So, that’s rather vague, but this one is not really hard.  A tanker of Duffy’s Rowdy for the first with the answers, and a Foxon Park for the peanut gallery. Enjoy the game, I’ll get back to you soon and don’t click on that photo credit!

[Photo credit: Patheos.com]


1 MSM35   ~  Dec 23, 2013 9:34 am

Isn't that St. Raymonds Church on Castle Hill in the Bronx? Maybe mid-sixties?

2 Shaun P.   ~  Dec 23, 2013 9:46 am

The towers are wrong, as is the city, but the large window with the archway over it reminds me of Notre Dame. That's all I've got so far . . . and a search of "new york church window looks like notre dame" has gotten me a Notre Dame church in Manhattan, and the Cathedral of St John the Divine (which this is clearly not - I know and love that place), so I'm striking out so far . . .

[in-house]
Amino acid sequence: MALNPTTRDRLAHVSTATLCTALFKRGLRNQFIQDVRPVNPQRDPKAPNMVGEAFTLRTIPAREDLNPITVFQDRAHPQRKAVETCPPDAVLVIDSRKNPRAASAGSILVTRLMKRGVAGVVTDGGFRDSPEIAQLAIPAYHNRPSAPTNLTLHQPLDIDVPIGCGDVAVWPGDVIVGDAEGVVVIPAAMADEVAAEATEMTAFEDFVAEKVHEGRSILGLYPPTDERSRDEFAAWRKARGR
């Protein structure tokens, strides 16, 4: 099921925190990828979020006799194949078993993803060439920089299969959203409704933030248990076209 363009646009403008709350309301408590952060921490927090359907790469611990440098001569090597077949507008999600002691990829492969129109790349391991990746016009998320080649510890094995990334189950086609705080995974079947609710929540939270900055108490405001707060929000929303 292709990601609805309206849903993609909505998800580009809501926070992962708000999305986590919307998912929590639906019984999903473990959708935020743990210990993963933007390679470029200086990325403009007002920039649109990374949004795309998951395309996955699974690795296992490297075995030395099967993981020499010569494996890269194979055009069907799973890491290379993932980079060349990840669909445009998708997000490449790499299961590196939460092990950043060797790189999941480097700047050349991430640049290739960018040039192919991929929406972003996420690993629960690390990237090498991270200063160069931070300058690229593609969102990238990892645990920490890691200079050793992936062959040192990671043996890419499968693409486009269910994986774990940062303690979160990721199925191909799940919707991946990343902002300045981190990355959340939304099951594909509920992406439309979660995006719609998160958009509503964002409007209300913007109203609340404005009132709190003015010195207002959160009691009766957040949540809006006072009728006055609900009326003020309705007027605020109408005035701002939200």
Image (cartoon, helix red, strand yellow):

3 TheGreenMan   ~  Dec 23, 2013 9:56 am

It looks an awful lot like The Church of St. Augustine on Franklin Ave in the Bronx between E167th and E168th. Same double spire look, but the number of windows on the photo I'm looking at from 1914 is different than the above photo. So either that's due to the renovations you mentioned (seems severe) or that it was just done in the same style (more likely).

So that's my guess, but I only halve about 5% confidence in it.

4 RIYank   ~  Dec 23, 2013 10:32 am

Hm, it doesn't look like St. Augustine, really. This is Renaissance, St. Augustine is Gothic. (Or 'neo', I guess.)

This will be hard, just from the picture. I'm going to think about Will's clues. I think you guys must be right that he's basically telling us it's in the Bronx!

5 RIYank   ~  Dec 23, 2013 10:43 am